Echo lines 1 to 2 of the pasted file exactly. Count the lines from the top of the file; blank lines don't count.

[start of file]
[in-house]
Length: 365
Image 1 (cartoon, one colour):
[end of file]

[in-house]
Length: 365